Chris Christie: Hillary Clinton ‘extreme’ on immigration

Sunapee, New Hampshire CNN  — 

New Jersey Republican Gov. Chris Christie on Thursday slammed Hillary Clinton’s call for a “full and equal” path to citizenship for immigrants living in the United States illegally.

“I quite frankly think her position is extreme,” said Christie, who is exploring a possible bid for the presidency, while meeting with supporters at a restaurant here.

“I think the path to citizenship is a problem for folks who have been waiting the appropriate way to get in, so I think we have to have a much broader conversation than just pandering. We should not just be pandering. We should be talking about this honestly,” he said.

RELATED: GOP hits Clinton back on immigration stance

Earlier this week, Clinton surprised supporters by adopting an aggressively liberal stance on immigration – one she did not embrace during her White House bid in 2008 – vowing full support for citizenship for undocumented immigrants.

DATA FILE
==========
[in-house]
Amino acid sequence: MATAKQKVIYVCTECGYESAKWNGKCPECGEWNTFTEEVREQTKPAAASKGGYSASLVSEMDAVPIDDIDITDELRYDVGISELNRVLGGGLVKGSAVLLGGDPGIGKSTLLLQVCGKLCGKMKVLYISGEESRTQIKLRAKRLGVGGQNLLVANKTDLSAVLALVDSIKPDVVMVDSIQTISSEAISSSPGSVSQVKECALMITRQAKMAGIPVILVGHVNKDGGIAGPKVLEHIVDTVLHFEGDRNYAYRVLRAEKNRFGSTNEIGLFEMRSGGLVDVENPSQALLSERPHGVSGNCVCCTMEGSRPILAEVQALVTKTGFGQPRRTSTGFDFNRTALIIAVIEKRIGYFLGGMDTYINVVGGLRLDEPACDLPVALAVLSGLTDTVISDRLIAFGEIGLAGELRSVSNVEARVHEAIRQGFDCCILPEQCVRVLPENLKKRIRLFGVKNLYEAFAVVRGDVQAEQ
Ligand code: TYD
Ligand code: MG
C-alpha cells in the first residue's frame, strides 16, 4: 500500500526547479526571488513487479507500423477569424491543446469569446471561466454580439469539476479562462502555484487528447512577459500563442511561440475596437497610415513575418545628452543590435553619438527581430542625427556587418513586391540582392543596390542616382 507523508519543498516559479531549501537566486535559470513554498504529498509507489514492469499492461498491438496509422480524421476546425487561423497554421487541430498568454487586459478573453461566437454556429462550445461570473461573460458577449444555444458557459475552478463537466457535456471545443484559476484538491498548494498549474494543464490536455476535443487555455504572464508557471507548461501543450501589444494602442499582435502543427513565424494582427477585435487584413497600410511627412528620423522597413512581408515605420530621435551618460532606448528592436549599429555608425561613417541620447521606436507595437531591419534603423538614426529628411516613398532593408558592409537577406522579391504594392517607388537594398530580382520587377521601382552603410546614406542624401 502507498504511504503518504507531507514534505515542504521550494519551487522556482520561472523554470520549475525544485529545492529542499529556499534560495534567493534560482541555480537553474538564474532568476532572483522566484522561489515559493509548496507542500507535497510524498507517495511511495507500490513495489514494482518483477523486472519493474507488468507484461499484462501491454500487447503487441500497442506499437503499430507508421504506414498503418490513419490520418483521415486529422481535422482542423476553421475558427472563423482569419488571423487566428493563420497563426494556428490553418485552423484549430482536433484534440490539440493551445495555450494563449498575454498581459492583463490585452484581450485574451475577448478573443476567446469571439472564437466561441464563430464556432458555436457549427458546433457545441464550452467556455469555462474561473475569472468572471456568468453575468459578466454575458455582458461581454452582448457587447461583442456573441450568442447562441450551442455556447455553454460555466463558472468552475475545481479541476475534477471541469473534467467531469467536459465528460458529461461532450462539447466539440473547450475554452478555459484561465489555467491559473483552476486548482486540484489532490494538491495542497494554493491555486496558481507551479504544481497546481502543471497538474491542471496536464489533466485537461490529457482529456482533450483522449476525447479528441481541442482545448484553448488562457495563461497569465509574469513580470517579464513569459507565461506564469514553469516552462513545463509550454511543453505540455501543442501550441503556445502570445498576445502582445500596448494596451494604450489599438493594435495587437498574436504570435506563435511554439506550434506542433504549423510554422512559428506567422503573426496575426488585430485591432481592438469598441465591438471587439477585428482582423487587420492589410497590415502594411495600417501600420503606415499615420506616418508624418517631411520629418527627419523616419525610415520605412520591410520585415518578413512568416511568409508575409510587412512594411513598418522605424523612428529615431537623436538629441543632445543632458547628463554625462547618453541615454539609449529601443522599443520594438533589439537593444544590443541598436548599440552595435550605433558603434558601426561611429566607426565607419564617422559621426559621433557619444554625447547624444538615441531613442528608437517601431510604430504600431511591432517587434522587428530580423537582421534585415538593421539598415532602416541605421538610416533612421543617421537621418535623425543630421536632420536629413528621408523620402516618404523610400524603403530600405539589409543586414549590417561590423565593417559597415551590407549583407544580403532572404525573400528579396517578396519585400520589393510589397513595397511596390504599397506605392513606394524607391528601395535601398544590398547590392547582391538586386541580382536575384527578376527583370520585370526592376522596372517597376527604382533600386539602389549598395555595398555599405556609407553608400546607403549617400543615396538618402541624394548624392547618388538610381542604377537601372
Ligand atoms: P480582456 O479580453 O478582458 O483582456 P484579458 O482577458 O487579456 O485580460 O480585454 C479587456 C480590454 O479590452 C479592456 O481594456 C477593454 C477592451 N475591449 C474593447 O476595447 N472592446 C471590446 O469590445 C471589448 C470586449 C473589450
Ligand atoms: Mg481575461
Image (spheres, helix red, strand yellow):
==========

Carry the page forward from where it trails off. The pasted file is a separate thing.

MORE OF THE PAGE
“We have to finally, once and for all, fix our immigration system,” Clinton said during a roundtable discussion with undocumented children in Las Vegas on Tuesday. “Make no mistake, today not a single Republican candidate, announced or potential, is clearly and consistently supporting a path to citizenship. Not one. When they talk about legal status, that is code for second-class status.”

Immigration has been a difficult issue for both parties in recent years, one that has befuddled the presidential administrations of both President Barack Obama and President George W. Bush, neither of whom could usher a comprehensive bill through Congress. The issue is fraught with political pitfalls, as leaders in both parties see the issue as a gateway toward securing votes from the rapidly growing Hispanic-American population.

Christie, who said he plans to outline his own position on immigration in “a detailed speech” soon, suggested that Clinton’s most recent position was unrealistic.

“Her position now is not really addressing what the country wants to hear about this,” he said. “That’s not a thoughtful position.”

“I haven’t met a person yet whose undocumented who came here and said, ‘The reason I came here was because I wanted to vote,’” Christie said. “They say they come here because they wanted to work. I think that’s where the focus has to be.”